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Report Number WE-6
Component ID: #ti1151454281

Overview

We still dream of owning our own homes, and for many of us that dream has become a reality. No matter what we earn, how old we are, or what we do, our homes are where our hearts are –- and where the heart of the Nation rests.

Since World War II, we have been building homes at a healthy, sometimes astonishing rate, which validates our strength as a people and a Nation. The 1990 census provides a vivid portrait of American housing and the situations in which we live. It helps us see how we have changed and how we are changing and how we can anticipate change in the decades ahead.

In 1990, there were over 102 million housing units in the United States, almost 14 million more than 1980. That is a 16 percent increase in housing units during the decade.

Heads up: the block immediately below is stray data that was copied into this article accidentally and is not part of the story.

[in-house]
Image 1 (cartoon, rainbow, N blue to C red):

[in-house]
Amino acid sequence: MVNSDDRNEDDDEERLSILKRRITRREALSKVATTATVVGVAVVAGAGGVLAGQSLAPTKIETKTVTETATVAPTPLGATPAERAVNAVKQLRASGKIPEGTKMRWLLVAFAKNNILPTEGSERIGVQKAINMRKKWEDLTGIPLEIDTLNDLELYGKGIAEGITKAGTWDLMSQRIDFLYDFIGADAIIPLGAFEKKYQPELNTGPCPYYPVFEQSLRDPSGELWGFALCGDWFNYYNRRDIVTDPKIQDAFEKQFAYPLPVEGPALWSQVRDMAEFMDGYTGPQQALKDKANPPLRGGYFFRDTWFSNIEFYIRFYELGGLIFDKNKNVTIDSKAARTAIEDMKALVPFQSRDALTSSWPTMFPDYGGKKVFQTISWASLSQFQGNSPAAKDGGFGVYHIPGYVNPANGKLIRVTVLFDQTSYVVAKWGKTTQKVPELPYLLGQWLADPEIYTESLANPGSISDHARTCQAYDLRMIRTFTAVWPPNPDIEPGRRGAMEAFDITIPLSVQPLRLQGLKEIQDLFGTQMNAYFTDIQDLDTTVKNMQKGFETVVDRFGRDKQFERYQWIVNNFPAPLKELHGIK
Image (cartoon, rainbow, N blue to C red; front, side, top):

While there was an increase in the number of owner-occupied homes, the homeownership rate between 1980 and 1990 declined slightly for the first time since the depression era. The number of owner-occupied units rose 14 percent while renter-occupied units increased 15 percent.

The percentage of units with more than one person per room rose during the 1980’s for the first time since the first census of housing was taken in 1940. The proportion of householders who were elderly increased slightly during the decade.

Single-family homes still made up the majority of the housing inventory. Mobile homes, the fastest growing type of housing, increased by almost 3 million units from 1980 to 1990. Both median value and median contract rent rose faster than inflation.

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